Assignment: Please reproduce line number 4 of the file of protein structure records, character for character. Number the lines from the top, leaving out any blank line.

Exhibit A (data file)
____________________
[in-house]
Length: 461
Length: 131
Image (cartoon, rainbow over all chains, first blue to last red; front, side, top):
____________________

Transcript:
Image (cartoon, rainbow over all chains, first blue to last red; front, side, top):